The shoes Rosano developed, starting with the Wally for men, were lightweight, with elastic laces that didn’t require fastening, and affordable, at around $60 a pair. “The result is perfectly constructed footwear, which is innovative, ultra-light and casual, but with style,” De Martini told Fotoshoe. The shoes were designed in Italy, but the business was headquartered in Hong Kong, where Rosano lives, with production at contract factories in China.
Rosano “is a student,” Crocs CEO Rees says. “He’s a serial entrepreneur. He had a number of entrepreneurial businesses before this that had not been successful. He was looking to improve his chances of success and he admired [Crocs’] focus on simplicity and comfort.”
Though many Italian shoemakers create beautiful shoes for Europeans, Rosano was going for something more mainstream. Not wanting to name the brand after himself as many Italian shoe entrepreneurs would, he came up with HeyDude for its laid-back California vibe, says Rick Blackshaw, who became president of the brand under Crocs. “But all his friends in Italy would call it ‘ey du-day,’” Blackshaw says.
In 2010, Guidi, who has a degree in aerospace engineering from the University of Pisa and runs a consulting and marketing firm called Lever Your Business, joined Rosano to open U.S. operations. The shoes took off, and HeyDude added a woman’s model known as the Wendy, a water shoe and a variety of eco-friendly designs. The shoes were prototypically American looking, easy to wear — and looked like nothing else on the market. Almost all the sales came from the U.S. market, rather than from Europe.
HeyDude sales soared from $20 million in 2018 to $191 million in 2020, according to financials that Crocs shared with investors at the 2022 ICR conference. During the pandemic, as consumers stayed home wearing yoga pants and comfort shoes, the brand fit right in. Its success came despite having no marketing to speak of other than paid search and a commission-based sales team. “It was built on a shoestring,” says Crocs’ Rees.
The brand took off by word of mouth. “In many senses, it’s a pretty remarkable story,” Rees says. “If you were to lay out the playbook that they followed and present it to a set of business executives, they would say there’s no way that this would succeed.”
With comfort shoes having a moment, the brand’s sales soared from $20 million in 2018 to $581 million in 2021.
Footwear analysts and industry watchers were blindsided. “It kind of caught a lot of the industry players by surprise,” says Beth Goldstein, a footwear analyst at Circana. “This brand came up and was all of a sudden having these huge growth rates and buzz. It piqued everyone’s interest.”
Brown’s became one of the earliest larger retailers to stock it after its Muskogee, Oklahoma store manager learned about the brand at a 2012 trade show in Las Vegas. The Buckle, a Kearney, Nebraska-based retail chain with 440 stores, also began carrying HeyDude before the shoe company’s major expansion, in 2019.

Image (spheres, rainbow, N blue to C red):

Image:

“We were known as the top HeyDude retailer,” says Brown’s Smith. “In the pandemic, we didn’t know if we could get products, so we were ordering them by the pallet.” With customers sometimes buying five pairs at a time, however much Brown’s could get its hands on sold out fast. Facebook groups sprung up where people could compare notes, and buy, sell and trade their shoes.
“It was limited quantity and a lot of fun styles and colors, and the price was right,” Smith says. “The customer wanted them so bad it almost didn’t matter what the color was. It was crazy, that’s probably the best way to put it.”
Two days before Christmas 2021, Crocs agreed to buy HeyDude for $2.5 billion, most of it in cash and a smaller amount in stock. Wall Street was not impressed. The shoes that were selling out in the Midwest were scarce on the coasts, where many of the analysts and investors live, and the shoes lacked the cache of hot new sneaker brands like Hoka and On.
“To be honest, when they announced the acquisition, I had never heard of the brand,” says Tom Nikic, a Wedbush analyst, who follows Crocs and has been covering the footwear industry for more than a decade. “It was very much a shock to the system. I think those of us in the New York, Wall Street bubble, we didn’t realize what was happening with the brand.”
Rosano had clearly timed the market well, putting the brand up for sale as it was growing fast and demand for comfort shoes was at a high. Allbirds had gone public in November 2021 gaining a $4.1 billion valuation, making it worth 15 times its sales for that year despite being in the red. By contrast, HeyDude, which was already profitable on higher sales, seemed like a bargain. Crocs CEO Rees says that he’d been following HeyDude for a few years by the time he learned it was on the market and figured it wouldn’t be too difficult to turn it into a $1 billion brand under the Crocs umbrella.